The Concept of Yin and Yang

The concept of Yin and Yang is one of the basic principles of Traditional Chinese Medicine (TCM). This symbol represents the restoration and maintenance of health by keeping the body in balance through the interplay of constantly changing forces. Yin and Yang comprise these two opposing, yet inseparable forces. You have probably heard of these concepts but may only have a fuzzy idea of what these terms mean. Here is a brief illustrative definition.
  • Shady side of hill/ sunny side of hill – there is one hill with two aspects
  • The shady side of the hill is cool, moist, less active. This is the yin side, within yang.
  • The sunny side of the hill is warm, dry, more active. This is the yang side, within yin.
  • As the sun moves across the sky, the sun and shade also move across the hill.

In this example, the hill is constantly changing, by having variations of more or less sun or shade. It is always in flux and never remains exactly the same. The Yin and Yang symbol exemplifies this process as Yin literally means "dark side of the mountain" and refers to nourishment, enduring, moving inward; Yang means "sunny side of the mountain" and encompasses active movement, growth and outward energy. All of nature can be viewed as an interplay of the two, where one cannot exist without the other.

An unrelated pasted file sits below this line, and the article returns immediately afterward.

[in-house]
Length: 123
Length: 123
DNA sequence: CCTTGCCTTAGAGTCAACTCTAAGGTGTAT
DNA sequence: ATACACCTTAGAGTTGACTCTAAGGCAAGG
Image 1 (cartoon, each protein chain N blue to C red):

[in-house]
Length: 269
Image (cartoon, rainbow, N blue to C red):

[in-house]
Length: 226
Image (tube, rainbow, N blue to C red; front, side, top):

How does the concept of Yin and Yang relate to health and TCM?

Chinese medicine is a holistic practice in which no one part of the body is seen as separate from the whole person. The physical body expresses this relationship, whereas nothing is completely Yin or Yang; rather, one part of the body is always viewed in relation to its complement. For example, in digestion, the intake of food is Yin (nourishment) and through the Yang activity of the stomach and other organs, it is turned into Energy (Qi) that can be used by the body. If the there is not enough heat (Yang) for the stomach to digest the food, and the Yang energy decreases, often caused by improper diet, stress, or illness, then the Yin energy predominates and the body lacks the "fire" to digest the food. This creates an imbalance in the body and results in symptoms including sinus congestion, loose stools with undigested food and fatigue. The nutrition of the body is compromised. This lack of nourishment then impacts other parts of the body.

The practitioner in TCM is focused on assessing the functioning of the system to determine how to best re-balance these forces and allow the body's innate ability to strengthen and heal itself. In the above example of the digestive system, the acupuncturist will select points to warm and move the Yang energy allowing the Yin energy to stabilize within the digestive system. Moxibustion and herbal formulas are also used to support this treatment. This brings about a complete digestion and re-balances the energies. In addition to acupuncture treatments, lifestyle adjustments such as exercise, dietary improvements and stress reduction are necessary in order for the Yin and Yang energies to remain regulated and balanced.

About My Practice
My dedication to Chinese Medicine comes from experiencing my own healing process with the medicine. Treatment went to the root cause of my imbalances and I no longer use conventional medicines that treat only the symptoms and have an adverse effect on my life. Continue Reading...
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